Figure 1: A toothbrush removed by a patient's mother. The toothbrush is not noticeably defective. It is about 17 cm in length

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Figure 2: Computed tomography on arrival. The computed tomography of the neck indicates retropharyngeal and upper mediastinal emphysema (arrow)

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   Discussion Top


Pediatric patients have a chance of suffering from intraoral injuries from such items as toothbrushes, pencils, or chopsticks.[1],[2] These cases are associated with a risk of direct brain injury, delayed cerebral infarction due to the injury of internal carotid artery, lethal brain swelling related to jugular vein thrombosis and deep neck abscess, even if their physical status or wound does not appear to be serious in nature.[3],[4],[5],[6],[7] This patient shows the importance of not only checking the medical history and performing a physical examination but also performing an imaging examination.

The Tokyo Fire Department announced the results of a study on infantile toothbrush-related injuries (http://www.tfd.metro.tokyo.jp/lfe/topics/201506/hamigaki.html). From 2010 to 2014, there were 207 cases of infantile toothbrush-related injury in which the injured child had been transported by an ambulance to a hospital. Among them, 97 (46.8%) cases occurred in children 1 year of age, and 61 (29.4%) cases occurred in children 2 years of age; 158 (76.3%) cases in total occurred in children either 1 or 2 years of age. Of these 158, 133 (64.3%) were induced by tripping and falling, 19 (9.2%) by collision and 14 (6.8%) by falling from a stool. Two of the 207 cases suffered life-threatening injuries, and 29 suffered moderate injuries that required admission. Accordingly, the Tokyo Fire Department concluded that it is necessary for parents and guardians to pay careful attention when infants are brushing their teeth.

Regarding the clinical consequences if emphysema is not found and treated in a timely manner, as mentioned above in the case presentation, the possibility of suffocation due to epiglottitis or lethal deep neck abscess, mediastinitis or meningitis increases.[8],[9],[10],[11] In addition, carotid injury or carotid inflammation may result in a delayed-onset neurological deficit.[6] Accordingly, we followed the patient for 6 months after the accident.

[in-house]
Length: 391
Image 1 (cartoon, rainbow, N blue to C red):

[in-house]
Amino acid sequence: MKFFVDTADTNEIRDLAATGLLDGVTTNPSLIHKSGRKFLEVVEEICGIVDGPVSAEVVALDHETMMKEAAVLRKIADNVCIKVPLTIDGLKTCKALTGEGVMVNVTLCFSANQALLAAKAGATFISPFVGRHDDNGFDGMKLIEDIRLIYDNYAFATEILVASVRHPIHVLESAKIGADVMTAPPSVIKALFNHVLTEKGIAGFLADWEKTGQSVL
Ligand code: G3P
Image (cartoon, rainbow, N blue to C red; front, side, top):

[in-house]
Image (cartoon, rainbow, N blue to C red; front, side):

The pharynx and oral cavity are particularly vulnerable to injury in children who fall with a toothbrush or other implement in the mouth. These injuries may have serious consequences but may go unrecognized until symptoms appear.[12] Accordingly, identifying a pharyngeal perforation requires a high index of suspicion. In addition, educating parents or childcare providers on not allowing children to play with a toothbrush in their mouth might be important.


   Conclusion Top


As a pharynx and oral cavity are vulnerable to injury in children who fall with a toothbrush or other implement in the mouth, not only checking the medical history and performing a physical examination but also performing an imaging examination is important.

We obtained financial support from Pfizer Corporation.

Financial support and sponsorship

Nil.

Conflicts of interest

There are no conflicts of interest.

 
   References Top

1.
Uchino H, Kuriyama A, Kimura K, Ikegami T, Fukuoka T. Accidental oropharyngeal impalement injury in children: A report of two cases. J Emerg Trauma Shock 2015;8:115-8.  Back to cited text no. 1
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2.